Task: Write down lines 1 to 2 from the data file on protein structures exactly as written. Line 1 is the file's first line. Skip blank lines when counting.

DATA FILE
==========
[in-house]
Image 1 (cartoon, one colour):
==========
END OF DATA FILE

[in-house]
Image 1 (cartoon, one colour):